WHY HAVE GM IGNITION PARTS FORCED A RECALL OF SEVERAL VEHICLE MODELS?

This ignition must be installed just right to ensure safe operation of the vehicle. While the vehicle is in motion, if this part fails, it can mean sudden loss of power, possibly disabling important vehicle systems like the brakes, the air bags, or power steering.

Several of the company’s models have demonstrated these concerns, experiencing unpredictable loss of power and putting drivers in extreme danger. In fact, at least 13 deaths are believed to be responsible for the faulty parts, though this is just the company’s estimate. A separate watchdog group, the Center for Auto Safety, places the number much higher, with at least 300 deaths attributable to the defective vehicles.

The problem can be caused by relatively innocuous stresses, like bumping from rough roads, or something as simple as a heavy key ring. The manufacturer suggests not using key rings that are burdened with other keys or heavy key chains, but even this is not foolproof.

WHICH GM VEHICLES ARE PART OF IGNITION RECALL EFFORTS?

Through March 2014, the alert concerned about 2.5 million vehicles. By June 2014, the company had expanded the alert to about 10 million vehicles. It encompasses a large number of vehicle models, including:

  • 1997-2005 Chevy Malibu
  • 1998-2002 Oldsmobile Intrigue
  • 1999-2004 Oldsmobile Aero
  • 2000-2005 Cadillac Deville
  • 2000-2008 Chevy Monte Carlo
  • 2000-2014 Chevy Impala
  • 2003-2007 Saturn Ion
  • 2004-2005 Buick Regal LS & GS
  • 2004-2008 Chevy Monte Carlo
  • 2004-2011 Cadillac DTS
  • 2005-2009 Buick Lacrosse
  • 2005-2010 Chevy Cobalt
  • 2006-2011 Chevy HHR
  • 2006-2011 Buick Lucerne
  • 2007-2010 Pontiac G5
  • 2007-2010 Saturn Sky


WHY HAS THE GM IGNITION RECALL BEEN MET WITH A LOT OF CRITICISM FOR THE COMPANY?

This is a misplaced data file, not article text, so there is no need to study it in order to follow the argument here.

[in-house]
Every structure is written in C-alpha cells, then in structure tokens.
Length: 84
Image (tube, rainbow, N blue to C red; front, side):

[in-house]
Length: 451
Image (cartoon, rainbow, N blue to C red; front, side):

The manufacturer’s defective ignitions have been known for some time, possibly dating as far back as 2001. In 2001, the company received a report concerning a Saturn Ion that demonstrated the defect, but no action was taken at the time. In 2004, one of the company’s engineers unexpectedly experienced the issue while taking a Chevy Cobalt for a test driver. In 2005, internal company documents show that the manufacturer was aware of the problem and confirmed that it wasn’t confined to a few freak incidents.

Until 2014, the company did not attempt to remove the defective vehicles from the roads, instead pushing the problem onto dealers and forcing them to fix the defect. It’s also believed that the manufacturer was in violation of National Highway Traffic Safety Administration (NHTSA) regulations when it failed to report the problem to the NHTSA right away. This violation carries a $35 million fine.

If you or a loved one has been hurt in a vehicle that is part of the GM ignition recall, you might want to consult with a lawyer to see if you are eligible for compensation. Because sudden vehicle failure can result in severe or fatal injuries, hundreds of lawsuits have already been filed against GM.